Then do all the mode's initialization in your-cool-init.

Longer explanation:

The problem is that the official way of writing a derived major mode is to use the define-derived-mode macro:

(define-derived-mode your-cool-mode prog-mode ...)

On older Emacsen (pre-24), this breaks when prog-mode. And you can't use (if (fboundp 'prog-mode) ...) there because the macro expects a literal symbol, and will quote it for you in the expansion.

define-derived-mode uses the parent in a multitude of ways. You'd need to copy all of those in your own mode definition to make use of them, and that's both tedious and error-prone.

So the only way is to use two different define-derived-mode statements, depending on whether prog-mode exists or not. That leaves you with the problem of writing your initialization code twice. Which is of course bad, so you extract that into its own function, as described above.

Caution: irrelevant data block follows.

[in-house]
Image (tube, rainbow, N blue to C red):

(The best solution is of course to drop support for 23.x and use lexical scoping. But I guess you already considered and dropped that option. :-))

  • What's the closest equivalent to prog-mode in older Emacsen? Would it make sense to derive from text-mode or fundamental-mode if prog-mode isn't available? Oct 9, 2014 at 9:55
  • @Jorgen Or can we derive an intermediate mode using fboundp first, with just the define-derived-mode statement? Then the actual mode with full definition can be derived from that intermediate mode? That way the whole mode doesn't have to be defined twice. Oct 9, 2014 at 10:21
  • 1